We start the book of Shemot many years later from when we concluded in the book of Bereshit. In fact, at this juncture, all 70 souls that came down to Egypt with our father, Yaacov, have passed on. As long as they were alive, a protected spiritual level was maintained.
• The book begins by reciting the 12 sons of Yaacov, the basis of the structure of our people.
• The Jews were multiplying six-fold. Sources pinpoint they were eating tiny fish and that’s what enabled them to be more fertile. It is suggested today to eat sardines if one has fertility problems.
• A new king arose; some say it was the same king. Regardless, our sages emphasize one cannot trust the non-Jew. All the good and dedication Joseph did for Pharaoh and the Egyptians were disregarded, and the hatred towards our ancestors intensified; a valuable lesson to be learned.
• The Egyptians forced the Jews into slavery with hard labor.
• Pharaoh foresaw in his horoscope that in this time period, a Jew would be born who would rise up and destroy him. He therefore ordered all Jewish newborn males to be put to death
• Amram, from the tribe of Levi, remarried his ex-wife Yocheved, heeding the advice of their daughter Miriam. They bore a son, Moshe. Amram had initially divorced Yocheved because of Pharaoh’s decree to kill all the Jewish boys. We learn a lesson from the sages; no matter how cruel the world can be, one should not refrain from having children.
• Moshe’s parents hid him in a basket and let it float in the Nile.
• Batya, Pharaoh’s daughter, discovers the child and adopts the Jewish baby. Batya needs assistance, and unknowingly, “drafts” the boy’s biological mother and sister.
• Pharaoh wanted to kill all Jewish baby boys because he was concerned about the predictions of the horoscope. Ironically, the person who was the threat to his kingdom, the one who he’s most afraid of, is unknowingly being raised in his own palace. Who says G-d doesn’t have a sense of humor?!
• The trait of kindness was evident in Batya, Pharaoh’s daughter, who saved the little Jewish infant. She called him Moshe; it describes the act in which she stretched out her arm to grab the basket with the infant inside.
“Moshe went out to his brethren and observed their suffering”(Shemot2:11) We see how his personality is developing and how his leadership skills, the intolerance to injustice for instance, is sprouting and maturing. Although other traits are later described, all stem from his fierce longing for justice. Throughout his trials and travails, the spiritual light is being developed through these experiences.
Nachshoni points out a passage from the RAMBAM’S Moreh Nevuchim which is quite fascinating.
“Prophecy begins when a man is divinely guided in the performance of a major good deed, such as delivering a large group of people from attack, saving a highly important person or influencing many persons and guiding them towards righteousness. When an individual is inspired in this way and finds within himself the impetus to act, we say that he has been “cloaked in” and “invested with” a Divine spirit. This such inspiration never departed from Moshe, even once he reached manhood. Through it, he was aroused to kill the Egyptian and to deter the wrongdoer in the quarrel of the two Jews. So strong was it in him, that even after he fled to Midyan, frightened stranger that he was, he could not bare injustice.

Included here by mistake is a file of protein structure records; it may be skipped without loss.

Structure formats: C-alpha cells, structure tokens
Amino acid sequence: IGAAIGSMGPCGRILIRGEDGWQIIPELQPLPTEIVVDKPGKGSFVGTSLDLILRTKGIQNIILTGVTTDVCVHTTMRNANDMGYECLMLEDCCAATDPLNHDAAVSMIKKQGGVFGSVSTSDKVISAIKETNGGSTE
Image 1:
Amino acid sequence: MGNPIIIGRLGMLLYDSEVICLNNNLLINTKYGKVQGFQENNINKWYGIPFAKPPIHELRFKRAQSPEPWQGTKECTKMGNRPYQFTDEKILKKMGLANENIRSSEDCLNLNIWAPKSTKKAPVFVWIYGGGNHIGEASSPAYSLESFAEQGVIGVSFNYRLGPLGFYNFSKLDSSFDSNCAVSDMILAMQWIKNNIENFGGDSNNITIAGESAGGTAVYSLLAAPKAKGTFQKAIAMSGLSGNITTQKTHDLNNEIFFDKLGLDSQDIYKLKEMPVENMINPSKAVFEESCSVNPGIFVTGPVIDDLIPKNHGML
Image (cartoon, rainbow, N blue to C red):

Rambam emphasizes that not everyone that has this capacity is a prophet. Rather, whoever G-d chooses has the final say. However, if one is chosen, that alone is the first of the eleven levels of prophecy.
Moshe worked for his father-in-law as a shepherd. One day, a little calf runs away from Moshe’s flock. After trying to catch it, Moshe finds the calf drinking water. He then realizes that the calf was thirsty and was looking for the pond. Reasoning that the calf was tired after the chase, he then carried it over his shoulder back to the herd. G-d Said that this is the type of leader He wants to lead the chosen people.
• Much has been written about the burning bush. One “feel good” lesson I read in Or Gadalyahu and actually many commentaries also talk about it. The bush which was on fire but never burnt represents the Israelites; they can be punished and tortured, however they will never be destroyed.
• Moshe at first refused to take the position because he thought he was unqualified, but G-d refused to take no for an answer. G-d then proceeded to give him instructions which were to notify the elders of Israel that they will leave the perils of slavery and go to the Promised Land. he was then commanded to go to Pharaoh and tell him to “Let my people go”.
• Moshe was concerned, “Perhaps they might not believe me.” To solve this, G-d instructed Moshe to perform three signs to show his legitimacy, one of which was to take his staff and throw it to the ground and it will turn into a snake. This was a sign to show that G-d has the power to take something that has no life and make it into a living being.
• Moshe was concerned that his older brother might be jealous of his important position, but G-d assured him Aaron would be very happy for Moshe.
On the way to Egypt, G-d attempts to kill Moshe for not performing the commandment of Brit Milah on his son. His wife, Tziporah, immediately grabs a sharp stone and cuts her baby’s foreskin. We learn a lesson; never delay performing commandments. In general, better to do something today than procrastinate and do it tomorrow.
• Moshe meets his brother Aaron and tells him the plan of action. They both then meet the elders and reveal the miracles that G-d had instructed him. After seeing them, the people believed him.
Pharaoh said, “Who is your G-d that I should listen to him?” responding to Moshe and Aaron’s request.
• Pharaoh imposes tougher working and living conditions on the Israelites because of the “incitement” with Moshe and Aaron.
Credit to: Rabbi Avi Matmon